Easy Peasy Meals @ Home – Butter Chicken Masala

It’s not so much a complicated recipe that scares me from trying Indian curries – the recipes are actually quite easy and once you have those few key spices in your pantry, there’s not even that much that you need to buy from the supermarket. No, it is the fact that I might screw it up that worries me the most – that I’ll spend an hour pounding garlic and ginger into a paste, marinating meats and stirring away at a sauce that is never going to come off my dress if it splashes, only to have a steaming mess of an end product that I can’t serve.

Thank goodness for that decent Thai takeout down the road! It gave me the confidence to try out this recipe without worrying that PB and I will starve for the evening. I have been wanting to make a dent in the Indian spice collection that I acquired when I was in New Delhi last year. I went a bit mental in the shop and PB had to stop me from buying every product in the place. Then I promptly stuck it all in the kitchen cupboard when I got home and forgot about them.

One of the spice mixes I bought was for butter chicken masala. The spice vendor  gave me a recipe that required a couple of quite challenging steps (making your own yoghurt, cooking in a tandoor oven…), so I adapted it into a easy to make recipe that can be done in an hour after work. I made it together with Brown Rice Vegetable Pilau, and they go down a treat together.


Indian Butter Chicken Masala

For the marinade:  

1/2 tsp garlic paste
1 tsp chili powder
1/2 tsp butter chicken masala (can be substituted with 1/4 tsp turmeric, and 1/4 tsp chilli powder)
2 tbsp ginger paste
2 tbsp lemon juice  2 tablespoons
2 tbsp mustard oil or extra virgin olive oil

For the Butter Chicken Curry Sauce:

800 gm of boneless chicken, cubed in large 2″ pieces
2 onions, minced
1 tomato, pureed
1 tbsp tomato paste (or tomato ketchup)
1 tbsp butter
1 tsp garlic paste
1 tsp ginger paste
2 tsp coriander powder
1 tsp chilli powder (use Kashmiri chilli powder for better results)
1/4 tsp of turmeric powder
1-2 tsp salt (adjust to taste)
1 tsp of chicken masala (or garam masala)
1 cup milk
3 tbsp of cream or pureed cashew paste (soak and grind cashew nuts)
1 small bunch of coriander leaves / cilantro, for ganish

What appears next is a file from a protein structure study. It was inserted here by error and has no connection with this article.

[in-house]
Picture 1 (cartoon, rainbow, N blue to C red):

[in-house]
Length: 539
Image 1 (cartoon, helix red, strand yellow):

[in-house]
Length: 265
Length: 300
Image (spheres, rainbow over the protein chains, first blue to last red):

♥ Marinate the chicken for 3-4 hours if possible. If not, just for 1/2 hour while you prepare the rest of the ingredients.

♥ Heat the butter in a pan and add the minced onions. Fry until golden brown.

♥ Add the ginger, garlic, coriander, chilli powder, turmeric, and salt. Fry for a minute until fragrant.

♥ Add the pureed tomato and tomato paste and cook for 3-4 mins until the mixture bubbles.

♥ If you would like to sear the chicken before you put it in the gravy, now’s the time to do it! Heat a pan to high heat to sear the outside of the chicken then quickly set aside.

♥ Add milk and the cubed chicken. Cook covered for 8-10 mins over low heat until the chicken is soft. Stir once or twice to ensure it doesn’t burn on the bottom.

♥ When the chicken is cooked soft, open the lid and cook for a further minute or two. Remove the chicken from the pan to avoid over-cooking. If the gravy is too thick, add some water at this stage. If it is too thin, cook it down further to reduce.

♥ When done, add the garam masala or chicken masala and the cream or cashew paste. Give it a good stir, but don’t boil.

♥ Adjust as needed, garnish with the coriander leaves, and remove from fire.


Marinate the chicken …

Bubble, bubble, toil and trouble! Adding the tomato puree...

Bubble, bubble, toil and trouble! Adding the tomato puree…

Flash-searing the chicken...

Flash-searing the chicken…

And there you have it, a homemade curry that you can call your own! It is not like the authentic ones you find in restaurants. This is a lighter, healthier, pared-down version.  One day when I have more time, I’ll try the recipe from the spice vendor, but until day I have a tandoor oven (or at the very least a BBQ!), this will do for a quick after-work fix!

♥♥♥ Enjoy! ♥♥♥


– I always find breast a bit dry, and very easy to over-cook. Try a combination of thigh and breast.

– Garam masala powder is typically added at the end of the cooking process to preserve the aroma and fast of the spices. You can use garam masala powder at any point in the cooking process, but adding a sprinkle at the end of the recipe will heighten the flavours of the dish.

-If you too are scared about screwing up your curry, I found these great tips of what to do when good curries go bad!


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